Associate Professor, Landscape Architecture

 

Be willing to experiment with technology: The team started with the digital platform Omeka for class projects and is now adding another platform, Scalar, that facilitates research collaboration and deep annotation. The Simpson Center provided training in Scalar, as well as support for faculty and students to attend the Digital Humanities Summer Institute.

Develop protocols for use of materials from archives and other sources: Team members realized that they needed to help students learn to trace the source and ownership of seemingly anonymous images and resources found online. They are developing protocols for citing sources to help students gain an understanding of professional practices in research, “what attribution and authorship mean,” says O’Mara.

Curate and promote student work: O’Mara is grateful that once her students’ site began to draw media attention (see Resources), the History Department paid for a research assistant to improve the presentation of student work by editing site content and creating an interactive map on the landing page.

Allow students who don’t want their work posted publicly to opt out: The default for O’Mara’s class was that students’ work would be public, but she offered an option that students could, with no impact on their grade, request that their work be visible only to the class.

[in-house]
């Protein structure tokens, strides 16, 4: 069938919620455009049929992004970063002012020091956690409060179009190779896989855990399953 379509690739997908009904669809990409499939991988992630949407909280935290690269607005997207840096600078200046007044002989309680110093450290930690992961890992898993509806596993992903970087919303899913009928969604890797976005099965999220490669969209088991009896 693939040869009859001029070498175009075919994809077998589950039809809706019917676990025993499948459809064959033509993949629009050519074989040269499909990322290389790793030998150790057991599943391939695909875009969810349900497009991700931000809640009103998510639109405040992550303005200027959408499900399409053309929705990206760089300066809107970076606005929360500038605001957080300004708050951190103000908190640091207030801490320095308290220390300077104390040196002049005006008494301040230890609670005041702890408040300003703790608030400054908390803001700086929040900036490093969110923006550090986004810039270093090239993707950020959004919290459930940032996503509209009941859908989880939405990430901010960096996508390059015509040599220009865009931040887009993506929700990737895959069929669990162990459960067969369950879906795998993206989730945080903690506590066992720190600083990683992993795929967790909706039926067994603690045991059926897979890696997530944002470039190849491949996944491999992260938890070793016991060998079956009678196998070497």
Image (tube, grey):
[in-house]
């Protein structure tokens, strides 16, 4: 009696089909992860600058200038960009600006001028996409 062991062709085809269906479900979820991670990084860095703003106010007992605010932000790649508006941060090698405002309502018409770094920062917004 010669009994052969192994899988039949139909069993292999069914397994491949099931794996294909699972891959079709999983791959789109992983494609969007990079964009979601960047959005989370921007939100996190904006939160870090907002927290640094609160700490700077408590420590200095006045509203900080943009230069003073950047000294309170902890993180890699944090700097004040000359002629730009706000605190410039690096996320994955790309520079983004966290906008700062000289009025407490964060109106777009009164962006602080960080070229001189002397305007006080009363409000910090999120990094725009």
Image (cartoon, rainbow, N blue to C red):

“There’s a long tradition in geography of having students get out into the city to smell it, taste it, experience it. Now my students can share that experience online by taking photographs and recording sound, and linking those sights and sounds with census data and historical maps.”

Kim England
Professor, Geography

 

Know your metadata: As the team worked with the technology, they realized the possibilities for using metadata, the information attached to every digital file. For example, geocodes in the metadata of photos allow them to be linked to interactive maps. “The good news is that photos students take on their phones include geocodes,” says O’Mara. Unfortunately, files for historical photographs do not. The team is developing a protocol for confirming or adding geocodes before new images are posted, as well as site standards for all types of metadata, which will facilitate searches and the ability to link and annotate site resources.